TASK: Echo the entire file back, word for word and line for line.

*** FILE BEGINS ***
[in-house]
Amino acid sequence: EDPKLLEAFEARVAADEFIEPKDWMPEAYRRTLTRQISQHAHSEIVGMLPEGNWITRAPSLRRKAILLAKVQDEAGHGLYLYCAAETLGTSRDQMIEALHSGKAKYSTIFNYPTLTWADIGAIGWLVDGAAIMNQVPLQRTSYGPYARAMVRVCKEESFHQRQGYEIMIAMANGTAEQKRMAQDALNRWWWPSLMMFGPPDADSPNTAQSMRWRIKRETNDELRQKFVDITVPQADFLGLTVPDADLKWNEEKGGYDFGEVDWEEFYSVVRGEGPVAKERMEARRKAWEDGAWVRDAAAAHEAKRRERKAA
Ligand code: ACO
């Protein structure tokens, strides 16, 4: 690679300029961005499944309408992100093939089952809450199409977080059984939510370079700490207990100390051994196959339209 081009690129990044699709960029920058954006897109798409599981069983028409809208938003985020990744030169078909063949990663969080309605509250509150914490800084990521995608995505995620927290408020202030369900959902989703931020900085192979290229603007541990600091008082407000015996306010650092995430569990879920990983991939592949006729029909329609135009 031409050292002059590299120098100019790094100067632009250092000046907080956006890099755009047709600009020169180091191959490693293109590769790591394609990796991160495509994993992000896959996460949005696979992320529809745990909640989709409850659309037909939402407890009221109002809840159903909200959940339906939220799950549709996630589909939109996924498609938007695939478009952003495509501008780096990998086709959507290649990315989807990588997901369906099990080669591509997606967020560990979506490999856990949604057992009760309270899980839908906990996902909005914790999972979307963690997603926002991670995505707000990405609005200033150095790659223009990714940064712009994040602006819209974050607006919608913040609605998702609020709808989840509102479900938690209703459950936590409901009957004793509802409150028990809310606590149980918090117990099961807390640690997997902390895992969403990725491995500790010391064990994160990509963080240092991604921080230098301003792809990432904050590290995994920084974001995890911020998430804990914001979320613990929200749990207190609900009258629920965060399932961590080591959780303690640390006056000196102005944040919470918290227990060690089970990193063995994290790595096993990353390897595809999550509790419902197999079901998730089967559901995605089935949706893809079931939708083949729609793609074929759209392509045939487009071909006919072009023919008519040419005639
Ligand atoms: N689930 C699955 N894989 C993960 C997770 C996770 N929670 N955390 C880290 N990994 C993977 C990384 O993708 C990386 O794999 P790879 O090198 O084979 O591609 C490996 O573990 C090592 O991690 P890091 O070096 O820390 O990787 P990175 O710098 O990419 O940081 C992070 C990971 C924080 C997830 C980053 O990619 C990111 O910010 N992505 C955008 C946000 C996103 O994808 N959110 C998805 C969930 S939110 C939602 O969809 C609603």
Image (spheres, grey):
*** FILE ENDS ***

[in-house]
Amino acid sequence: EDPKLLEAFEARVAADEFIEPKDWMPEAYRRTLTRQISQHAHSEIVGMLPEGNWITRAPSLRRKAILLAKVQDEAGHGLYLYCAAETLGTSRDQMIEALHSGKAKYSTIFNYPTLTWADIGAIGWLVDGAAIMNQVPLQRTSYGPYARAMVRVCKEESFHQRQGYEIMIAMANGTAEQKRMAQDALNRWWWPSLMMFGPPDADSPNTAQSMRWRIKRETNDELRQKFVDITVPQADFLGLTVPDADLKWNEEKGGYDFGEVDWEEFYSVVRGEGPVAKERMEARRKAWEDGAWVRDAAAAHEAKRRERKAA
Ligand code: ACO
């Protein structure tokens, strides 16, 4: 690679300029961005499944309408992100093939089952809450199409977080059984939510370079700490207990100390051994196959339209 081009690129990044699709960029920058954006897109798409599981069983028409809208938003985020990744030169078909063949990663969080309605509250509150914490800084990521995608995505995620927290408020202030369900959902989703931020900085192979290229603007541990600091008082407000015996306010650092995430569990879920990983991939592949006729029909329609135009 031409050292002059590299120098100019790094100067632009250092000046907080956006890099755009047709600009020169180091191959490693293109590769790591394609990796991160495509994993992000896959996460949005696979992320529809745990909640989709409850659309037909939402407890009221109002809840159903909200959940339906939220799950549709996630589909939109996924498609938007695939478009952003495509501008780096990998086709959507290649990315989807990588997901369906099990080669591509997606967020560990979506490999856990949604057992009760309270899980839908906990996902909005914790999972979307963690997603926002991670995505707000990405609005200033150095790659223009990714940064712009994040602006819209974050607006919608913040609605998702609020709808989840509102479900938690209703459950936590409901009957004793509802409150028990809310606590149980918090117990099961807390640690997997902390895992969403990725491995500790010391064990994160990509963080240092991604921080230098301003792809990432904050590290995994920084974001995890911020998430804990914001979320613990929200749990207190609900009258629920965060399932961590080591959780303690640390006056000196102005944040919470918290227990060690089970990193063995994290790595096993990353390897595809999550509790419902197999079901998730089967559901995605089935949706893809079931939708083949729609793609074929759209392509045939487009071909006919072009023919008519040419005639
Ligand atoms: N689930 C699955 N894989 C993960 C997770 C996770 N929670 N955390 C880290 N990994 C993977 C990384 O993708 C990386 O794999 P790879 O090198 O084979 O591609 C490996 O573990 C090592 O991690 P890091 O070096 O820390 O990787 P990175 O710098 O990419 O940081 C992070 C990971 C924080 C997830 C980053 O990619 C990111 O910010 N992505 C955008 C946000 C996103 O994808 N959110 C998805 C969930 S939110 C939602 O969809 C609603």
Image (spheres, grey):